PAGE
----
The thing is, I like the idea of a musical accompaniment for the Dark Tower series. I think it's a great idea, and when I listened to this CD, I really wanted to like the music too. But when it comes right down to it, the music fails to complement the stories, because it misses out on at least half of what makes the stories so good. And, unsurprisingly, this is what makes Downing's music fail on its own as well. It lacks depth and feeling, simply because it sounds very one-dimensional. Quite disappointing, really.
Everyone's interpretation of the Dark Tower series is different, of course, but for me, Downing's music doesn't cut it. It is very refined, soft, "nice" music. It's the kind of thing you might expect to hear on a video montage of waterfalls, or perhaps playing in a mall. It does not, however, reflect the harshness and hardness of the world of the Gunslinger.
The world of the Dark Tower is a magical world, to be sure, but it is also a rough world, a world of hard edges and abrasive personalities and ever-present dangers. It is, in short, a world that has "moved on." Downing's music at least attempts to capture the magic and majesty of Roland's world, but it completely ignores the other side of the coin. It is all "love and light" (as one of the songs is subtitled), but it completely lacks the rawness that makes Roland's world so compelling to me. The music lacks the conflict and the tragedy of lost treasures that defines the stories. It focuses on the light, but ignores the darkness. Both are necessary to accurately reflect the stories. And for this reason, I feel that Downing's musical interpretation of the Dark Tower stories pretty much missed its mark.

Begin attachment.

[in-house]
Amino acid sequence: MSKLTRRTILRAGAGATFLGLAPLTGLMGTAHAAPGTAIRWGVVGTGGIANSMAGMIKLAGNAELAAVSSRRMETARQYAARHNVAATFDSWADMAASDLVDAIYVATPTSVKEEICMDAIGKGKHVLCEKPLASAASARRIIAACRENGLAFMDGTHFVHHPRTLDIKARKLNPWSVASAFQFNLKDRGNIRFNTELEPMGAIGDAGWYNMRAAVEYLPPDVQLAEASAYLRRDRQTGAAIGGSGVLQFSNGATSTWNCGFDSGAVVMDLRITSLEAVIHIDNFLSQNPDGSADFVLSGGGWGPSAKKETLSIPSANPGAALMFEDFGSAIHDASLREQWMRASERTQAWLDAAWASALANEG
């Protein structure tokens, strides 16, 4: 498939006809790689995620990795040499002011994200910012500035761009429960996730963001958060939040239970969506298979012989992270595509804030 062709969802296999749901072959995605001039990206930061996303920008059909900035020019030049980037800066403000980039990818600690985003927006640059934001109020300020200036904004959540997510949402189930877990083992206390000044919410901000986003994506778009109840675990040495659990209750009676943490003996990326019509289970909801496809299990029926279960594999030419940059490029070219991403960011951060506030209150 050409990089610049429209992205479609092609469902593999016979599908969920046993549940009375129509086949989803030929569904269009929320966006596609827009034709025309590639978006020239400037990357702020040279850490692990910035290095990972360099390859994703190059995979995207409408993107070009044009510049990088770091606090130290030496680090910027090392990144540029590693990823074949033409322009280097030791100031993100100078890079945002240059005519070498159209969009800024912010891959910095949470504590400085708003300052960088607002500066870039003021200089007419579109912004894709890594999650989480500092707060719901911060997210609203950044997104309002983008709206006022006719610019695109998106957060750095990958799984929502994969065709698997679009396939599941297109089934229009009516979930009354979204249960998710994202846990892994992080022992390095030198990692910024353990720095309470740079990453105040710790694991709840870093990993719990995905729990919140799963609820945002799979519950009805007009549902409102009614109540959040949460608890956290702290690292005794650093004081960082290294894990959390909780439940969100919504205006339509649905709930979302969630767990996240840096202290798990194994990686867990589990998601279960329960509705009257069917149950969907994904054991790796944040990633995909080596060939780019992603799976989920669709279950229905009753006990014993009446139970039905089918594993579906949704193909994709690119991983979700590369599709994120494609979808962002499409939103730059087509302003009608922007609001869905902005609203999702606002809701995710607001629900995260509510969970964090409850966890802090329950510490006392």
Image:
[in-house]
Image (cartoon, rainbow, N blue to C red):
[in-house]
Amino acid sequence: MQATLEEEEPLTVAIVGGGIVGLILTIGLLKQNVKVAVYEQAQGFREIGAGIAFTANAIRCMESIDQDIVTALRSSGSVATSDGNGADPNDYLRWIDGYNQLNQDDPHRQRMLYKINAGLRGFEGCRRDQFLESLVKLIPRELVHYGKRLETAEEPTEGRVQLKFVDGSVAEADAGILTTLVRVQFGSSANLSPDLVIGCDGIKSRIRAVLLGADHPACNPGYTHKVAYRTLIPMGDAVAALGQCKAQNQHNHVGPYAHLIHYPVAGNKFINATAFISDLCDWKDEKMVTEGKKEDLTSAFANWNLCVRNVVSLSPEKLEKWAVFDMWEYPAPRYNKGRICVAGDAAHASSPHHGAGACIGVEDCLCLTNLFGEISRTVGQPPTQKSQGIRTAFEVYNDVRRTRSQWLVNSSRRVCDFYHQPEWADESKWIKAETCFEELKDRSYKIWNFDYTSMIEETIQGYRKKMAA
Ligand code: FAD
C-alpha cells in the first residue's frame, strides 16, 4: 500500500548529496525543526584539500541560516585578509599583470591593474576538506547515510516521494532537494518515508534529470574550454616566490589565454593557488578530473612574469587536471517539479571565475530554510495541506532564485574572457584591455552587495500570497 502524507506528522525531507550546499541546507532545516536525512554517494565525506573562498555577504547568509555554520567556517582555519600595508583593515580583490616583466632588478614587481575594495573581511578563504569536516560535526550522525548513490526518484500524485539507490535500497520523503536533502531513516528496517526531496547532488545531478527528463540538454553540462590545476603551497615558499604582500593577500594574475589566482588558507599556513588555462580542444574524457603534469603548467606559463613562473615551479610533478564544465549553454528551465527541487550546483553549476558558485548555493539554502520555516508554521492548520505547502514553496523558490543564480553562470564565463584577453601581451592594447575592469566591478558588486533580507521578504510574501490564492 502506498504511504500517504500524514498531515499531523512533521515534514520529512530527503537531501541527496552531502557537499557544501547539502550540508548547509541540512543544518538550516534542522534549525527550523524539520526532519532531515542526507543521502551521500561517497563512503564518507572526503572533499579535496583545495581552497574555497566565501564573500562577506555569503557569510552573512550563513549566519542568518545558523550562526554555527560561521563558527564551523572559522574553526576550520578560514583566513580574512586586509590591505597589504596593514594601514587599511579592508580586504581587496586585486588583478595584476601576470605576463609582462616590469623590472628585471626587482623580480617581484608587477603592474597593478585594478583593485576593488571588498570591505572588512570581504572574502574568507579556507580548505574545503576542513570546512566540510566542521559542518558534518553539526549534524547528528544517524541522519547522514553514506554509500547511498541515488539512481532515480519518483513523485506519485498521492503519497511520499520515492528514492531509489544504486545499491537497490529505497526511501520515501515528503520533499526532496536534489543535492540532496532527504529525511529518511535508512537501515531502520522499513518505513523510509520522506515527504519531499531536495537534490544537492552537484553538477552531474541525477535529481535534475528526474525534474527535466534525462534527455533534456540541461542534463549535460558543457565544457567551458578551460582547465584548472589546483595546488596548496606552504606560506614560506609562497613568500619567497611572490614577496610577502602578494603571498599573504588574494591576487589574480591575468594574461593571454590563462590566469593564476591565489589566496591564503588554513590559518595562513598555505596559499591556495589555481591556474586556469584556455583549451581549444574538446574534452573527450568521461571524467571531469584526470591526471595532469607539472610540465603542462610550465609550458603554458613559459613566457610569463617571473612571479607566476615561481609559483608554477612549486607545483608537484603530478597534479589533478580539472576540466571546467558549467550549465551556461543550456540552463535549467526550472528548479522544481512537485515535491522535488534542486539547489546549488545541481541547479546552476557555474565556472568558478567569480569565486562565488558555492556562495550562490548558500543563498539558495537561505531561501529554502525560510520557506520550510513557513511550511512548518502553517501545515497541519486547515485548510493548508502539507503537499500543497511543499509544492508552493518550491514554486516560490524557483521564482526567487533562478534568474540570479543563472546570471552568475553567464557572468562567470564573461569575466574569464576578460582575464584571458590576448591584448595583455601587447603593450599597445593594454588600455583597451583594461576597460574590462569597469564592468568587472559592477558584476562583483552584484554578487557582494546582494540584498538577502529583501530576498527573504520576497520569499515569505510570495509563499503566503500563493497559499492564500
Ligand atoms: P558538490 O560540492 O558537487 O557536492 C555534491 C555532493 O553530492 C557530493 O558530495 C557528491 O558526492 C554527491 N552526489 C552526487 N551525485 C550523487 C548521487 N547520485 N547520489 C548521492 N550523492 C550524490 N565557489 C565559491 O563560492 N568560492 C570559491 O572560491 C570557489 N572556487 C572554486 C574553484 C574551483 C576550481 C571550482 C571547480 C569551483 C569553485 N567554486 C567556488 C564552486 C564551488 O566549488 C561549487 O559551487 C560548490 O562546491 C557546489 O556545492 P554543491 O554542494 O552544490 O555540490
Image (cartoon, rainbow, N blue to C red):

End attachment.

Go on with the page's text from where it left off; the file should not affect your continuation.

So, with this in mind, I also listened to the music on its own merits. There really isn't much there for me. Bear in mind that I like some new age music. I've been listening to Tangerine Dream and Vangelis and Ray Lynch for more years than I'd care to mention here. Downing's music here, though, struck me as rather bland and typical of the generic new age genre. There's nothing in his arrangement of electronic instruments to make these melodies stand out, nothing to excite or move the listener in the least. It's background music, pure and simple. It is bland enough that it fades easily into the background of just about any setting, but does little to enhance or underscore anything in particular. It is the sort of new age music I do not like, music that lacks emotion or individuality.
If you're looking for some good music to accompany the Dark Tower books while you read, I might suggest Ry Cooder's music for the film "Paris, Texas" or Thomas Newman's score for "The Shawshank Redemption." Both of those pieces capture majesty, conflict, and even a sense of magic far better than Downing's music does here. If, on the other hand, you're just looking for good music to relax to, I might recommend Ray Lynch's "Deep Breakfast."
Either way, I think you can safely give this album a miss. Too bad, really, because it IS a good idea. Just poorly executed.
What did you think of this review?